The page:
European bourses fluctuate between gains and losses today after decline in Asian stocks and selloff in Wall Street last Friday. With a light economic calendar and ease in concerns over debt crisis in the Eurozone, financial markets will likely be directed by corporate news. Commodities, change little today, are expected to move in high correlation with equities.

As a reminder of sovereign crisis in the Eurozone, Moody's downgraded on Friday the sovereign bond rating of Ireland to Aa2 from Aa1 with a stable outlook. Meanwhile, the IMF and the EU suspended a review of Hungary's funding program over the weekend, meaning the country will not have access to remaining funds in a $25.1B loan package. Impacts of the news were mild for the euro and bond yields due to smooth of expiry of ECB's 12-month LTRO earlier in the month and subsequent success in peripheral bond auctions.

Market concerns have shifted from Europe to deteriorating outlook in the US. Slowdown in China has also made investors more cautious.

According to the China Securities Journal, the State Information Center forecast the country's exports may slow to +16% y/y in 2H10, compared with a +35% growth in the first quarter. The significant slowdown is expected to be driven by the crisis in the Eurozone together with the culmination of a tax rebate. A sharp moderation in exports would accelerate the pace of economic slowdown in the country, the world's third biggest economy and the number 1 growth driver in recent years. Imports are estimated to increase +19.3% in 2H10 following a strong expansion of +52.7% in the first quarter.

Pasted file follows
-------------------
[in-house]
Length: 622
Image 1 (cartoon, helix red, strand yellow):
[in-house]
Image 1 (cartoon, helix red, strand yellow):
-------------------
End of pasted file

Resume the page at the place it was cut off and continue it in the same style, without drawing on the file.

Despite the broad outlook on exports slowdown in China, we expect oil products exports to increase in the second half. As we mentioned in our weekly report, China's processed oil has far exceeded what is domestically needed. In fact, the country has been net exporters of gasoline and diesel since late 2008 as demand fails to catch up production.

Industrial production growth slowed to +13.7% y/y in June from 16.5% in May. IP has been positively correlated with diesel demand and a slowdown in IP growth should indicate higher exports for diesel in coming months.

PGMs recover modestly after Friday decline. South Africa's safety rules will limit mining and this should be positive for platinum prices and to a lesser extend for palladium prices. 5 workers died in Aquarius's Marikana mine when about 500 metric tons of rock collapsed on them earlier in the month and this triggered the government's concern on workers' safety. The government requested to reduce the width of each rock panel 6 meters from 10 meters now and the impact of the directive is a reduction of the amount of the ore body that the company can mine.